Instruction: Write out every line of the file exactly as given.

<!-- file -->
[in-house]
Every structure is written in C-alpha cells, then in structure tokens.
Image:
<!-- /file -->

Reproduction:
[in-house]
Every structure is written in C-alpha cells, then in structure tokens.
Image: